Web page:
“If it’s a cause that is supposed to be championed throughout an organization, how is each department held accountable to that cause?”

Externally, is there a certain number of people who are aware of your cause? Ad impressions would be one measure, Arnold notes, but if you’re trying to create a community or engagement around this cause with your target audience, how can you measure that on social media? Are you seeing conversations happening there?

According to Gallagher, partnering is really important because a nonprofit organization needs exposure to a larger audience. “It also needs ways to connect effectively with the audience you’re bringing to the table,” she explains. “It may seem intuitive, but many nonprofits don’t have the mechanisms in place to begin a lasting relationship with donors. By providing marketing and public relations for the cause you’re working with, you can make a true, long-lasting impact.

“It will also benefit your company by putting a halo around your brand,” Gallagher adds. “A brand is made up of much more than a logo. It’s about all of the thoughts and feelings that a consumer thinks of when they think of the brand.”

For example, Patagonia, a designer of outdoor clothing and gear, cares about the environment. “Do they sell the environment? No, but they know this is important to all of their stakeholders,” Gallagher notes. “It is in their DNA.”

Of all the levels of proof, Gallagher believes that employee time commitments have the most ripples. “Volunteer hours help with recruitment of other employees and show the corporation’s commitment to the cause,” she states. “It’s very exciting and motivating for people to see how much their collective contributions impact a bigger initiative.”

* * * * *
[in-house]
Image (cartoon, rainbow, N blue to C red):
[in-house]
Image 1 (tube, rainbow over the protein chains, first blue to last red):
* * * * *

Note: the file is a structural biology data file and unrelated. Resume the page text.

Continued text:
Tip 4: Broadcast on social channels

The use of social media channels is situational based on the target audience. Arnold uses Dove, the personal care products company, as an example to explain why TikTok, a video-sharing service, would be appropriate for them. “Dove has long had a really wonderful purpose that plays itself out in trying to bolster self-esteem in younger women,” she notes. “So, if younger women are the target audience, TikTok makes all the sense in the world. You want to make sure you’re seeing some great activity there and other platforms too, but that one might rise to the top a little bit more.”

In contrast, an organization like Oregon Tool (formerly Blount International), which makes chainsaw parts for the forestry, agriculture, and construction industries, counts as its target audience loggers, arborists, and other primarily male targets. TikTok would not be the platform of choice there, but YouTube would be.